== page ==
Throwback Thursday: Mike Mamula 

Throwback Thursday: Mike Mamula 

Bust: the prospect that never truly reached their potential. Whether it be due to injury, off-the-field foolishness or simply failing to transition from the college to professional level, the NFL has certainly seen its fair share of busts over the past several decades. Names like Ki-Jana Carter, Ryan Leaf and Jamarcus Russell all invoke awkward memories relevant to the reasons rookies never pan out. But what about that highly drafted player that does just enough to leave folks asking 20 years later “was he worth it?”

Mike Mamula will always be an interesting footnote when reflecting on the history of the Philadelphia Eagles. The former Boston College defensive end finished his senior season in 1994 with an impressive 17 sacks. What was more impressive than anything, however, was how Mamula intended on approaching and preparing for the series of events leading up to the 1995 NFL Draft.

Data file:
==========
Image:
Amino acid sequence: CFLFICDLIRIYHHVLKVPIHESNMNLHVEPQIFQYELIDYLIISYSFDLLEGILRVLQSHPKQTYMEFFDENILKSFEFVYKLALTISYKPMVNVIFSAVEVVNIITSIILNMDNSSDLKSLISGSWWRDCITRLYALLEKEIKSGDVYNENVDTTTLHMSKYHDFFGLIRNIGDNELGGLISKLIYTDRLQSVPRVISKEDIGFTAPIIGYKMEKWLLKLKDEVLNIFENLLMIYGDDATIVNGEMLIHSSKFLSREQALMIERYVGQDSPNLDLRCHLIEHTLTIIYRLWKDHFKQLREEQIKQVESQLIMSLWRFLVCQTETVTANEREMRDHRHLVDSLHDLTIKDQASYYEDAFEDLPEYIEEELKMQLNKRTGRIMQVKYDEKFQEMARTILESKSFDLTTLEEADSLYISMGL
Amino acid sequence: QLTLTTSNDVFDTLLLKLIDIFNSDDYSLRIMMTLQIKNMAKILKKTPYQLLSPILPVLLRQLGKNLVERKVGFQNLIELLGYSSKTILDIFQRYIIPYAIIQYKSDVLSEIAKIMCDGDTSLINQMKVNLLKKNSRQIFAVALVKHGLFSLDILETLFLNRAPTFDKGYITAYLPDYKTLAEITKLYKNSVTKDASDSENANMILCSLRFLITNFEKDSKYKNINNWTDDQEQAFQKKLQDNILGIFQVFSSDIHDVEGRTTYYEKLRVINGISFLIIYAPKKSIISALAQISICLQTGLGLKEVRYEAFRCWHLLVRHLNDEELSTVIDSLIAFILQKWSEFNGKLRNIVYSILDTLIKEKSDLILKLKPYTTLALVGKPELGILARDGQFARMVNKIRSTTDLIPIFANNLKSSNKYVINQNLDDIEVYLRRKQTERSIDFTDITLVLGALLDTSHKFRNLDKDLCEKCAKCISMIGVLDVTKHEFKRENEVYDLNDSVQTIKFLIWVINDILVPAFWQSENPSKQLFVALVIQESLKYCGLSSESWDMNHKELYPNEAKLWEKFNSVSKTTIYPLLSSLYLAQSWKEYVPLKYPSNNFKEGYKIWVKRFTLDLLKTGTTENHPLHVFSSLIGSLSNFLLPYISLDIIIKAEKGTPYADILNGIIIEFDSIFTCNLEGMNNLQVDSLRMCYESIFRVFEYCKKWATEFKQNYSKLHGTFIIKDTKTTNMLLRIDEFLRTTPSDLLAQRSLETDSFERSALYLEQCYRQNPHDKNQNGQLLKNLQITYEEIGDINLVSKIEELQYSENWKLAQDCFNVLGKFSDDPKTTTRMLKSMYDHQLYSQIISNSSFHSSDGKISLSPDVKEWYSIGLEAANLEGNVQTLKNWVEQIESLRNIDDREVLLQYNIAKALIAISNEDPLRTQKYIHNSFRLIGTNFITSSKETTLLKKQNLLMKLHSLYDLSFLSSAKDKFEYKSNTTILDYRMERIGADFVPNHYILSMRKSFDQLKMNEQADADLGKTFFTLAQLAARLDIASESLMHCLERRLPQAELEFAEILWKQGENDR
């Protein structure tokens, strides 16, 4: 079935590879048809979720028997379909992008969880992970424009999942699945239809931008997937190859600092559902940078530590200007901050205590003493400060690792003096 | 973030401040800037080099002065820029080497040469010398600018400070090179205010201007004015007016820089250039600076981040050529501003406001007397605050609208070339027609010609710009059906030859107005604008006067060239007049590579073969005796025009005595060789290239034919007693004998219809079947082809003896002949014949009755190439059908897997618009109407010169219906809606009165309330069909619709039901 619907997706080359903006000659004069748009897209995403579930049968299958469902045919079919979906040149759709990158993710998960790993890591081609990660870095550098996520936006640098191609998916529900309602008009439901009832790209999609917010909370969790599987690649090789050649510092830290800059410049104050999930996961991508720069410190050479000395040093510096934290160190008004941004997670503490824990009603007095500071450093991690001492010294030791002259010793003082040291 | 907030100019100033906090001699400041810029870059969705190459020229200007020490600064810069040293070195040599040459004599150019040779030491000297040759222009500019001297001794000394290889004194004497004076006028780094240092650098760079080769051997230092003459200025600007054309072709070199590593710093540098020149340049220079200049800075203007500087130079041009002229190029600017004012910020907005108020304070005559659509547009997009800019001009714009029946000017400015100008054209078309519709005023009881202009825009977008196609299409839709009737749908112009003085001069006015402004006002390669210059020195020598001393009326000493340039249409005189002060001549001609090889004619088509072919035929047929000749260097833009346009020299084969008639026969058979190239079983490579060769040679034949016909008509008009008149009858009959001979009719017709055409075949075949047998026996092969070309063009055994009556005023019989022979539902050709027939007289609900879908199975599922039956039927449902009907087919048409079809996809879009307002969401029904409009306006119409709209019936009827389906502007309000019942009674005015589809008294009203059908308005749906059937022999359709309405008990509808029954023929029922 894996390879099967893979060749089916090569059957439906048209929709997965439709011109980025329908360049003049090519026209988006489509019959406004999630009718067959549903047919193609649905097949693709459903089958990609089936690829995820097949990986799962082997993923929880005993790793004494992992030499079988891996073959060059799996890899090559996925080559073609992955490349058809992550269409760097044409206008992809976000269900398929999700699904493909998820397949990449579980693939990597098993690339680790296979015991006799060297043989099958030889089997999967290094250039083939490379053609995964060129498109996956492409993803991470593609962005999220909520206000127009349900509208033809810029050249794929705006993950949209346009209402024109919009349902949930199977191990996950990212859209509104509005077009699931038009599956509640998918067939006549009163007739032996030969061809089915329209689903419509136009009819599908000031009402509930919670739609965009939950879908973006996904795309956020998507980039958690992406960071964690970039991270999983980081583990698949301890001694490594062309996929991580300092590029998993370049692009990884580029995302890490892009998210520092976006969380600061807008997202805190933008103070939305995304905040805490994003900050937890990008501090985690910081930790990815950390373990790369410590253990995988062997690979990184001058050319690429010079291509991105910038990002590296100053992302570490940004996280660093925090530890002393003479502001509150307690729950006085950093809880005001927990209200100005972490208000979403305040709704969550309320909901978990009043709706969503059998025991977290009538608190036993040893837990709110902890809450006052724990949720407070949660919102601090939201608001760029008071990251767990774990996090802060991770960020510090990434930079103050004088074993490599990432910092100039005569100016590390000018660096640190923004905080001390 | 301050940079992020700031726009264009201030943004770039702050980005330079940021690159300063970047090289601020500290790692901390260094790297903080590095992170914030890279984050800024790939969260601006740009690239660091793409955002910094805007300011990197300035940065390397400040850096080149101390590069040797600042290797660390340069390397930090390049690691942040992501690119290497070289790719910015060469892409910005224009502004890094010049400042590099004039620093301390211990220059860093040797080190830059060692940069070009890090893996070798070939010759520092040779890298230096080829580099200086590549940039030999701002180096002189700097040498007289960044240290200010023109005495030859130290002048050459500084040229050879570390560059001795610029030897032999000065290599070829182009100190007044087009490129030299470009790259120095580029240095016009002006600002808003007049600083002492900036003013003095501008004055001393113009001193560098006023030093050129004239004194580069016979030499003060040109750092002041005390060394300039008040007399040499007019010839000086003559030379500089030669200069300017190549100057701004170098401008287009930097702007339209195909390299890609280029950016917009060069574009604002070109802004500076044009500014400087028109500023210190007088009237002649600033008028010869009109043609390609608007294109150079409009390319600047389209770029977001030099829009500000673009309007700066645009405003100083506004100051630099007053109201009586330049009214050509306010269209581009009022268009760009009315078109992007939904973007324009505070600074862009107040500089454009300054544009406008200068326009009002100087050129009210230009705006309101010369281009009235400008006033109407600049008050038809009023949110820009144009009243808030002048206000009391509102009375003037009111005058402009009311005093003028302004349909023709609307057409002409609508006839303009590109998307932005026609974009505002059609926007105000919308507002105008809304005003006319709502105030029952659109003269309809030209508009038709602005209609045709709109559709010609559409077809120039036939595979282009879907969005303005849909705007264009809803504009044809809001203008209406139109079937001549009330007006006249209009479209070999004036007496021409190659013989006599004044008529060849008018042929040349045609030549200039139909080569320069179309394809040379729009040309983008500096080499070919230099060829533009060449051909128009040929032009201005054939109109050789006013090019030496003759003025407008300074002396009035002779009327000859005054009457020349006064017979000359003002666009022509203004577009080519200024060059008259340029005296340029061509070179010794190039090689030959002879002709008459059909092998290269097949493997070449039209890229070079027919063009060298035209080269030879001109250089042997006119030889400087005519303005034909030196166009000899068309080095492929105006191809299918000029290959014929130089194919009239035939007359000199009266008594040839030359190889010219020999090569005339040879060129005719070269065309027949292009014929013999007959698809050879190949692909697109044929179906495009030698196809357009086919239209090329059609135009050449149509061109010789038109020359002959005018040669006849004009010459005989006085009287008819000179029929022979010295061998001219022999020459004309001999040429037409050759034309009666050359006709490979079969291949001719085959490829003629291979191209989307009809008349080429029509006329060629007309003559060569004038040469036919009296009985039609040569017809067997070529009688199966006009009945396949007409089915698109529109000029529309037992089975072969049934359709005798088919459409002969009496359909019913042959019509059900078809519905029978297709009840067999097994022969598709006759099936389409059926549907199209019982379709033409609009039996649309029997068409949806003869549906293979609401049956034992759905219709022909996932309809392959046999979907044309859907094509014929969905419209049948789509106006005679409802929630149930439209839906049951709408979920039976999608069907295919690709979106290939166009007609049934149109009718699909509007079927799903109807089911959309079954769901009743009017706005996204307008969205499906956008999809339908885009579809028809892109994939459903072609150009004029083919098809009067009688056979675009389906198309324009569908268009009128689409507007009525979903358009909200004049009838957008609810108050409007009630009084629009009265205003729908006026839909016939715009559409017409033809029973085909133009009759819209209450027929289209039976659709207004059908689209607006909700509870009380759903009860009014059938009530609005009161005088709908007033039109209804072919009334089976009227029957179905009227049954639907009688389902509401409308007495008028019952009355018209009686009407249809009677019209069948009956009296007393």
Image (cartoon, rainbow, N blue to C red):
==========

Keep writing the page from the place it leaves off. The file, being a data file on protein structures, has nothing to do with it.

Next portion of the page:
By the mid-1990’s, professional football’s popularity was at an all-time high. Gone were the days of just watching games in the Fall and Winter. With the emergence and soap opera-worthy drama of free agency, the growing spectacle that the draft was evolving into, and the larger-than-life personalities that now represented the league, it was painfully evident that any and everything to do with the NFL was worth covering in great detail. The league’s annual scouting combine, an event that serves as a means for representatives of each team to evaluate draft prospects in a standardized setting, also benefited from this increased coverage.

While the combine had been around for over a decade by 1995, the various series of drills featured was not something prospects rigorously prepared for at the time. The general consensus was that good football players were simply good football players, regardless of the amount of reps they could bench press or how high they could jump, so when Mike Mamula set his sights on mastering every aspect of every test he would encounter at the event, he was, in many ways, venturing into uncharted territory. His plan was simple: specifically prepare for and simulate every drill hundreds of times over.